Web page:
Docket Entry, 1–circa 6 July 1843 [Extradition of JS for Treason]

  • Source Note
  • Historical Introduction
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for the mob availing themselves, of the exterminating order of , would, if I were found in the , surely take my life— that I had no way to escape them but to flee with all speed from the . It was some ten days after this before I dare leave the . At last the evening came in which I was to leave the . Every preparation was made that could be made for my escape There was a carriage ready, to take me in & carry me off, with all speed. A pilot was ready— one who was well acquainted with the country— to pilot me through the country, so that I might not go on any of the public roads. My wife came to the to accompany me, of whose society I had been deprived for four months. Just at dark, the Sheriff & jailor came to the , with our supper. I sat down & ate. There were a number watching. After I had supped, I whispered to the jailor to blow <​out​> all the candles but one, and step away with that one from the door. All this was done. The sheriff then took me by the arm, and an apparent Scuffle ensued— so much so, that those who were watching, did not know who it was the Sheriff was scuffling with. The Sheriff kept pushing me towards the door, & I apparently resisting, until we reached the door, which was quickly opened & we both reached the Street. He took me by the hand & bade me farewell, telling me to make my escape, which I did with all possible. The night was dark. After I had gone probabably probably one hundred rods, I heard some person coming after me in haste. The thought struck me in a moment that the mob was after me. I drew a pistol & cocked it, determined not to be taken alive. When the person approaching me spoke, I knew his voice, & he speedily came to me. In a few minutes I heard a horse coming. I again sprung my pistol cock. Again a voice saluted my ears, that I was acquainted with. The man came speedily up & said he had come to pilot me through the country. I now recolected I had left my wife in the . I mentioned it to them & one of them returned & the other & myself pursued our journey as swiftly as we could. After I had gone about three miles, my wife overtook me in a carriage, into which I got & we all rode all night. It was an open carriage & in the month of February 1839, We got to the house of an acquaintance just as day appeared. There I put up until the next morning, when I started again & reached a place called Tenny’s Grove; & to my great surprise, I here found my family & was again united with them, after an absence of four months, under the most painful circumstances. From thence I made my way to where I now am. My wife after I left her went directly to [p. 149]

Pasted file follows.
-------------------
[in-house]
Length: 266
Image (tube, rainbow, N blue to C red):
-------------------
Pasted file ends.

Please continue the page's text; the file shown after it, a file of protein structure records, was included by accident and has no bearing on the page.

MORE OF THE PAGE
for the mob availing themselves, of the exterminating order of , would, if I were found in the , surely take my life— that I had no way to escape them but to flee with all speed from the . It was some ten days after this before I dare leave the . At last the evening came in which I was to leave the . Every preparation was made that could be made for my escape There was a carriage ready, to take me in & carry me off, with all speed. A pilot was ready— one who was well acquainted with the country— to pilot me through the country, so that I might not go on any of the public roads. My wife came to the to accompany me, of whose society I had been deprived for four months. Just at dark, the Sheriff & jailor came to the , with our supper. I sat down & ate. There were a number watching. After I had supped, I whispered to the jailor to blow out all the candles but one, and step away with that one from the door. All this was done. The sheriff then took me by the arm, and an apparent Scuffle ensued— so much so, that those who were watching, did not know who it was the Sheriff was scuffling with. The Sheriff kept pushing me towards the door, & I apparently resisting, until we reached the door, which was quickly opened & we both reached the Street. He took me by the hand & bade me farewell, telling me to make my escape, which I did with all possible. The night was dark. After I had gone probably one hundred rods, I heard some person coming after me in haste. The thought struck me in a moment that the mob was after me. I drew a pistol & cocked it, determined not to be taken alive. When the person approaching me spoke, I knew his voice, & he speedily came to me. In a few minutes I heard a horse coming. I again sprung my pistol cock. Again a voice saluted my ears, that I was acquainted with. The man came speedily up & said he had come to pilot me through the country. I now recolected I had left my wife in the . I mentioned it to them & one of them returned & the other & myself pursued our journey as swiftly as we could. After I had gone about three miles, my wife overtook me in a carriage, into which I got & we rode all night. It was an open carriage & in the month of February 1839, We got to the house of an acquaintance just as day appeared. There I put up until the next morning, when I started again & reached a place called Tenny’s Grove; & to my great surprise, I here found my family & was again united with them, after an absence of four months, under the most painful circumstances. From thence I made my way to where I now am. My wife after I left her went directly to [p. 149]
Page 149